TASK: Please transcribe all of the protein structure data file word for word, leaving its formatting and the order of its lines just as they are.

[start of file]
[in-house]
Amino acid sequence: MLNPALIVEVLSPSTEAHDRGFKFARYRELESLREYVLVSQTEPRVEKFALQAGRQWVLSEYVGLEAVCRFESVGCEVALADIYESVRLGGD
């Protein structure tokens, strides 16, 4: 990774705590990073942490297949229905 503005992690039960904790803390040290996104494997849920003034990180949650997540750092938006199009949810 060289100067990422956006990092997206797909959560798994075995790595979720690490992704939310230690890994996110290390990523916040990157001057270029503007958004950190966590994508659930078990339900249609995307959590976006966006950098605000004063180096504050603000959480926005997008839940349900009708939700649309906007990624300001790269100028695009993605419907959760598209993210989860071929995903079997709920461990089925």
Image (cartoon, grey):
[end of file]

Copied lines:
[in-house]
Amino acid sequence: MLNPALIVEVLSPSTEAHDRGFKFARYRELESLREYVLVSQTEPRVEKFALQAGRQWVLSEYVGLEAVCRFESVGCEVALADIYESVRLGGD
């Protein structure tokens, strides 16, 4: 990774705590990073942490297949229905 503005992690039960904790803390040290996104494997849920003034990180949650997540750092938006199009949810 060289100067990422956006990092997206797909959560798994075995790595979720690490992704939310230690890994996110290390990523916040990157001057270029503007958004950190966590994508659930078990339900249609995307959590976006966006950098605000004063180096504050603000959480926005997008839940349900009708939700649309906007990624300001790269100028695009993605419907959760598209993210989860071929995903079997709920461990089925």
Image (cartoon, grey):